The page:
defp handle_action(topic, action, socket) do
  case action do
    {:ok, list} ->
      # if the list is persisted
      # broadcast the event "create" and list JSON
      broadcast!(socket, topic, list_to_json(list))
      {:reply, :ok, socket}
    {:error, changeset} ->
      # else reply with error
    {:reply, {:error, parse_changeset_errors(changeset)}, socket}

A Phoenix view renders the list JSON:

def render("list.json", %{list: list}) do

There are other components we did not review, such as models or lib modules, but those are not relevant in the context of this case study.

However, the full code is available on Github: if you want to take a closer look.

To finish with the structure, below is a diagram of the system components and the interactions between them:

+-------------+        +-------------+                  +-------------+
|             | input  |             |  action func     |             |
| USER        +--------> JS VIEWS    +------------------> JS ACTIONS  |
|             |        |             |   push / receive |             |
+-------------+        +-^-----------+                  +--^-------+--+
                         |                                 |       |
                         |                                 |       |
                         |             push action         |       |
                   action|       +-------------------------+       |
                 response|       |     receive error               |
                         |       |                           render|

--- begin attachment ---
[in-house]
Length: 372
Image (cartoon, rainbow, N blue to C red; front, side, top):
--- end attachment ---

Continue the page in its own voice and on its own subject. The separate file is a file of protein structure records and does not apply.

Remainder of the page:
|       |                                 |
                         |       |                                 |
+-------------+        +-+-------v---+                  +----------v--+
|             |persist |             |                  |             |
| DB          <--------+ CHANNELS    |                  | HBS TEMPLT  |
|             |        |             |                  |             |
+-------------+        +-------------+                  +-------------+

Test-drive the app

As mentioned in the beginning of this post, the app is hosted on Heroku:

You will need 2 browser windows opened in split screen. Or, even better, open the app at the same time on 2 different devices.

Create a new list. The list should instantly appear in the other browser/device.

Create new todos, edit their names, delete or complete them. Everything should reflect at the same time in all the instances of the app.


This is a simple, straightforward project, but I think it achieved its goal. There are ways to (almost) avoid controllers in Phoenix. Channels can take their place while keeping a CRUD-like structure.

This is not something you would want to do for all your projects. But whenever you need many live updates on the page, it may be an option.

While it was so fun to work on this app, it wasn’t entirely what I expected when I started it. I expected a cool Elixir / Channels learning project and ended up mostly with a JS / jQuery one. Hunting Lists and Todos IDs around in the view proved at times to be frustrating and repetitive.

What’s next?

With all the good and bad parts, this can be a very good learning project. There are many things that you can build and test on top of it such as:

  • add more clarity to the JS side and remove duplications
  • add some form of Router
  • implement a controler-less user authentication system
  • use Phoenix Presence to show online users
    and so much more.

Just clone the project and have fun!